WHAKATANE'S first traffic light may be on its way, depending on the outcome of a study into Whakatane’s congestion woes.
While members of Whakatane District Council’s project and services committee have agreed to temporarily retain the teardrop configuration of the roundabout on Landing Road near the Whakatane Bridge, they have acknowledged that a wider solution was needed.
For one councillor this wider solution should include a system of automated traffic lights similar to the Maungatapu roundabout in Tauranga.
Scott Jarrett said while the teardrop configuration alleviated the congestion coming into Whakatane, particularly at the section of State Highway 30 near The Hub, it also created traffic issues for other parts of Whakatane.
“It’s just not one thing and it isn’t just about a group of affected people at the end of Landing Road – it affects the whole community.”
He said a long-term solution for the congestion was needed and believed automated traffic lights would help to spread the traffic.
In his report, transportation manager Martin Taylor said an update to the Whakatane Traffic study was the appropriate platform to assess and address the issues relating to the issue of congestion.
“The desired outcome of the study would be the provision of a clear picture of what needs to be undertaken in the short, medium and long-term to ensure Whakatane retains a safe urban network that complies with current roading standards, levels of service within desired levels and a network that is capable of accommodating future growth and demand.”
The study is expected to cost $200,000 and is scheduled to begin in January.
Mr Taylor said recommendations would be made to council once the study was completed in November, 2018.
He said the design of the Landing Road intersection would occur between February and June of 2019 and physical works would take place between October and April of 2020.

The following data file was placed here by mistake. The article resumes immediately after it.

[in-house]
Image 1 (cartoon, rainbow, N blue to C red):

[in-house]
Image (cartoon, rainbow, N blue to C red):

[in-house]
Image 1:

The cost of the investigation and design was estimated at $200,000 and the physical works were projected to cost $2.5 million.
In the meantime, Mr Taylor said the option of creating a slip lane from Landing Road west to Hinemoa Street would be explored.
“Through the feedback received, the community have fairly clearly indicated that if the teardrop is to remain, they would like to see some mitigation measures put in place to alleviate their concerns around the restricted access out of Landing Road west and perceived traffic safety concerns on Victoria Avenue.”
Mr Taylor said while a previous report from engineering consultants Beca did not recommend the slip lane as a “safe option”, he believed the option could be explored.
Infrastructure manager Tomasz Krawczyk said an automated traffic light system seemed like the “obvious solution” but the results of the study would prove whether it was the best option.
“It is one of the obvious solutions but it still creates a large expense because we would have to reconfigure the intersection. But it is certainly one of the solutions that could be part of the study.
“However, it would require spending a lot of money not knowing what the shape of the streets is going to look like.”